Western spiderwort (Tradescantia occidentalis) is the only species of Tradescantia native to Alberta. It is widely distributed in the central United States but enters Canada at only four locations: one in Alberta; one disjunct site in Saskatchewan, and two sites in Manitoba. In Alberta, western spiderwort occurs along the old dune fields east of Pakowki Lake and is restricted to the Dry Mixedgrass Subregion, an area extensively modified by agriculture with few native tracts remaining. The Alberta Natural Heritage Information Centre, because of its rarity in the province, ranks the species S1. Western spiderwort is designated as threatened by the Committee on the Status of Endangered Wildlife in Canada (COSEWIC 2000).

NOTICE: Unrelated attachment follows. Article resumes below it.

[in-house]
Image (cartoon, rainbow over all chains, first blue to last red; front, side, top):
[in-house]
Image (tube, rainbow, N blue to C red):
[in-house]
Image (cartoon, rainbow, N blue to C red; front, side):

The principal vegetation composition of western spiderwort sites appears to be typified by drought resistant grasses such as blue gama and needle-and-thread grass. Sand dunes exhibit a range of habitats from active dunes to stabilized sites with needle-and-thread grass and sand grass, a variety of low shrubs, primarily buckbrush and prickly rose; tall shrubs, mainly choke cherry and silverberry, and trees, including clones of aspen and scattered plains.
Western spiderwort normally flowers from May to July. Each flower lasts only one day. The plant reproduces through seeds an by vegetative propagation. Western spiderwort is very dependent on moisture levels. There are many other indigenous species of plants that western spiderwort may be confused with in its natural habitat in southeastern Alberta.